Too much working capital indicates inefficient management of current assets.

For this purpose, the current ratio helps to find the exact needs of a company. According to Investopedia, the current ratio “compares all of a company’s current assets to its current liabilities.”

Current ratio = Current assets Current liabilities

It is sometimes called the “working capital ratio”. Generally, a value above one and up to 2 is favorable.

The ratio above two generally symbolizes inefficient asset management. But the optimum level of working capital depends on the industry averages too. You might be working in an industry with an average current ratio of 3. In that case, your optimum current ratio level will be three times more current assets than current liabilities.

3. Short-term financing

The level of working capital in any business also drives the decision to apply for short-term loans to meet the financial obligations. When the working capital is negative, current liabilities are higher than current assets, the company’s management decides to go for short-term financing like a business line of credit, bank loans, etc.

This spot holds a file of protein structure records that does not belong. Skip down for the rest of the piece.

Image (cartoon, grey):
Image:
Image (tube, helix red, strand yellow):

How to implement working capital in your acquisition

Working capital is significant in buying a business. Typically, a business acquisition is cash-free and debt-free. It means that you do not purchase any liabilities of the business. Similarly, the seller will not leave any cash they earned in the company.

Debt-free transaction

Take for instance you bought a business for $1 million and pay the money to the buyer. But the current liabilities of the business are equal to $200,000. The debt-free transaction implies the buyer will pay the debts out of the $1 million you’ve paid.